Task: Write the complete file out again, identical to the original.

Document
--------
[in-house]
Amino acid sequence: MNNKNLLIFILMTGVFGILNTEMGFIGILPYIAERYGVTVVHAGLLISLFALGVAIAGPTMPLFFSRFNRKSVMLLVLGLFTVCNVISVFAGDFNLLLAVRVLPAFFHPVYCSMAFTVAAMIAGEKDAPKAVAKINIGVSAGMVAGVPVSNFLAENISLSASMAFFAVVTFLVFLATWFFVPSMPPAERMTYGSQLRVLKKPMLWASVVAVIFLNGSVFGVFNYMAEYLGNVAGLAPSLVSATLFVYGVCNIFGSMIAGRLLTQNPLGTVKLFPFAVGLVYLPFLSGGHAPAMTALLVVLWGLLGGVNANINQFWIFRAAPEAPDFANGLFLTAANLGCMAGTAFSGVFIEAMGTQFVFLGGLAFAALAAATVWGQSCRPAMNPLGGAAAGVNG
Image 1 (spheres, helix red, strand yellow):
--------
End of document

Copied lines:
[in-house]
Amino acid sequence: MNNKNLLIFILMTGVFGILNTEMGFIGILPYIAERYGVTVVHAGLLISLFALGVAIAGPTMPLFFSRFNRKSVMLLVLGLFTVCNVISVFAGDFNLLLAVRVLPAFFHPVYCSMAFTVAAMIAGEKDAPKAVAKINIGVSAGMVAGVPVSNFLAENISLSASMAFFAVVTFLVFLATWFFVPSMPPAERMTYGSQLRVLKKPMLWASVVAVIFLNGSVFGVFNYMAEYLGNVAGLAPSLVSATLFVYGVCNIFGSMIAGRLLTQNPLGTVKLFPFAVGLVYLPFLSGGHAPAMTALLVVLWGLLGGVNANINQFWIFRAAPEAPDFANGLFLTAANLGCMAGTAFSGVFIEAMGTQFVFLGGLAFAALAAATVWGQSCRPAMNPLGGAAAGVNG
Image 1 (spheres, helix red, strand yellow):